Venom, Subtext, and the Race for On-Screen LGBT+ Representation
Listen, I know I keep talking about Venom and sex (much to the consternation of all my friends who get really horrified by my questions such as “in your OTP, who wants to bang Venom and who shames them for that”) but the most we think about the film and sexuality, the more intriguing it becomes.
Website io9 has a fascinating breakdown of Venom‘s overt and subtextual sexual imagery, but there is something that sticks out to me the more I consider the film, and that is the movie’s lack of hang-ups when it comes to sexuality and queerness.
It may seem like a small detail, but there is no moment in the film where the ostensibly heterosexual Eddie Brock gives us a wink and a sly “but no homo” as he and Venom interact. At one point, he says Venom is “up [his] ass,” and by the end of the film they’ve slipped into casual banter where Venom says that Eddie’s ex-girlfriend Anne belongs with them. Not with just Eddie, with the both of them. It’s hard not to read that as being incredibly loaded with subtext.
From the very few comics I’ve skimmed involving our symbiotic odd couple, the comics continue this tradition by having Eddie refer to Venom as “love” and having Eddie be the de facto father of Venom’s baby. He is literally told “You’re going to be a daddy” by another character, and he does not try to dispute that claim at all. Their relationship frequently dives into the borderline sexual without the safety net of a (probably male) writer making sure to drive home that his characters are all straight.
Superhero films have never been a particularly open genre for LGBT+ characters. While television allows for more representation, the films are all strictly heterosexual. Sure, Steve and Bucky might make googly eyes at each other and fight for each other, but we had better put in a scene of them reminiscing over a couple of girlfriends in Captain America: Civil War so that we don’t run the risk of anyone thinking they’re actually a couple. While the films have progressed to show open, affectionate friendships between male characters (women barely talk to each other though, so no luck on that front), there is still no canonical, onscreen LGBT+ rep.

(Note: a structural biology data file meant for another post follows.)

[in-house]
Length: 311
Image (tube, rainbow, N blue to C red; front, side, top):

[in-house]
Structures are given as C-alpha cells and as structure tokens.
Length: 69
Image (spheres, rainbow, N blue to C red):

And that’s just Marvel. The DCEU, which has a rather progressive television lineup, dodges any possible LGBT+ rep with Matrix-like skill. How hard would it have been to make Diana canonically bisexual in Wonder Woman—just like she is in the comics? Does DC not get that a Harley Quinn/Poison Ivy love story would do far better at the box office than a Joker/Harley film?
There is, of course, a famous leaked email from the Sony hack that also makes it abundantly clear that, in their licensing agreement with Marvel, Peter Parker can only be portrayed as a white, heterosexual man; suddenly, Andrew Garfield’s sudden dismissal from the franchise after he publicly talked about a bisexual Peter seems a lot weirder. The only major superhero film with a canon LGBT+ hero is Deadpool with Negasonic Teenage Warhead (and yes, I know Deadpool himself is pan, but we have yet to be told that in the actual text of the movie).
With that in mind, it’s sort of easy to see why Venom generated this much fandom excitement. It doesn’t talk down to LGBT+ fans, and while it certainly doesn’t go the full monty, it also doesn’t shy away from the inherent queerness of the Eddie/Venom relationship. They move as one, try to save each other, and in the end form a strong bond and respect that makes both of them less terrible. Also, it was Venom’s idea to kiss Eddie.
We are so desperate for a canonical LGBT+ romance onscreen in a superhero film that Venom has, somehow, become the queerest of all the films just by embracing the innate couple-y nature of the protagonists. This isn’t just a Marvel or a DC problem either—the only major franchise to embrace onscreen LGBT+ representation so far is Star Trek, and even that could’ve used a tiny bit more work. Everyone else treats sexuality like a bonus Easter Egg or as something that will happen eventually, but not right now.
Venom isn’t a good movie. And despite what you’ve read here, I’m not about to proclaim Venom/Eddie as an intentionally romantic couple, because I do not think the filmmakers’ intentions were to make that canon. But here we are, pointing at this film and going wild because this is the closest thing we have to a queer superhero film.
At this point, studios have to know that a canonically LGBT+ hero would draw more audiences. It’s just a matter of them being cowardly at this point, and audiences deserve better than this.
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